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THE

COALHEAVER’S CONFESSION,

I

BELIEVE that every man, who is enlightened to see the fellowship of the gospel mystery, and to receive it in the love of it; who is blessed with enlargement of heart, access to God and freedom with him in prayer; is delivered from the yoke and bondage of Moses's law in every sense of the words: he is free born, a son of the free woman, made free by the son of God; is a free citizen of Mount Zion; has a granted right to all the privileges of it, and is an heir of God's eternal kingdom. God the Father appointed his Son to proclaim liberty to him; the Son has made him free; the Spirit of the Lord is in him, and there is liberty. The truth has made him free, and he is free indeed; and free he must remain unless he abuse his liberty, or suffer blind guides to entangle him again with the yoke of bondage.

I believe that every one that looketh into this perfect law of liberty, and continueth therein, is a sanctified hearer of the gospel, and an evangelical doer of the work of faith, being blessed in his deed: and whosoever sends this free man to the binding law of Moses, as his only rule of life, sends him to the only place to which he can send him to have him cursed in his deed; for “ as many as are of the works of the law are under the curse.”

I believe that, whatsoever is the saint's only rule of life, the saint is under that rule; subject to that rule, he must be obedient to that rule, walk by that rule, work by that rule, and live by that rule. And if the law of Moses be that rule, the saint is under the law; subject to the law; his obedience is the obedience of the law; he walks in the letter of the law; his works are the works of the law; and he that does these things contained in the law, shall live in them. And, if this be true, the ministers of the letter are right: Moses's disciples, and all the ministers of circumcision who opposed the gospel, were the only orthodox men; and, consequently, all the apostle's charges against them were groundless and unjust.

I believe that the gospel furnishes the believer with every thing he wants, and with his only and all-sufficient rule of life also; or else he could not, with propriety, be said to be under grace, subject to the gospel, obedient to the faith, a walker in newness of life, a worker of righteousness by faith, and one who lives by the faith of the Son of God.

I believe that a true servant of the Lord is called a minister of the Spirit, a minister of Christ, a preacher of the gospel, an ambassador of peace, a steward of grace, and an evangelist; and that

every one who enforces the necessity and sufficiency of the Spirit, that makes Christ Jesus the Lord all in all, as Paul did, preaches the gospel in all its branches, and makes full proof of it; that enforces peace, between God and conscience, by faith in a Saviour's blood; holds forth the word of life, as a good steward of the manifold grace of God; and who leads people unto Christ Jesus, enforces union with him, liberty in him by the Spirit, a close walk with him, heavenlymindedness, and joy and peace in believing; are the persons who have a right to the above titles, and none else.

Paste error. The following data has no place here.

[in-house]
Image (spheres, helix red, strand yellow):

I believe that the reason of so many persons making shipwreck of their confession of faith, and apostatising from their profession of it, is because they had no other bond to hold them to it but the bondage of the law, nor any other rule to walk by but the commandments. Had the bond of everlasting love got hold of them, and Paul's gospel rule of eternal life been given them, I believe it would have been otherwise.

I believe that love is the strongest cord of the law of the Spirit of life; and that natural love is the strongest tie of the law of nature. The former keeps Christ and the church together; the latter keeps kings and subjects, fathers and families, together. Where the former is wanting, apostasy is certain; where the latter is wanting, the kingdom and the house will soon be divided,

I believe these words, “To have and to hold,

from this day forward, for better for worse, in sickness and in health, to love and to cherish till death us do part,' are as binding a law as letters can make, and a rule to be observed by every married couple as long as they live; nor can the woman be loosed from that law till her husband be dead; then, but not till then, is she free.

I believe that no couple fulfil this covenant engagement, or live up to this rule, but those who, in heart, sincerely love one another; for if love works no ill to a neighbour, it can work none to a wife or husband, who are the nearest, and ought to be the dearest, of all neighbours.

I believe the only reason of so many divorces in the world, unfaithfulness, inconstancy, and treacherous elopements, among married people, is because they have no other yoke than the letter of their covenant, no binding ties to keep them within bounds, but that; no rule to live or walk by but the law of marriage, which is too weak, through the lust of the flesh, to make some men constant; and too weak, through the same, to keep some wives either chaste or frugal.

I believe that, where there are the strong ties of mutual affection, my lady will never abandon her lord, nor yield to the intrigues or artifice of the worst of thieves; it is for want of this that his grace's eye is not satisfied with his duchess, and for the same reason my lady is as rottenness in her lord's bones, Prov. xii. 4.

I believe that those who make the law of Moses

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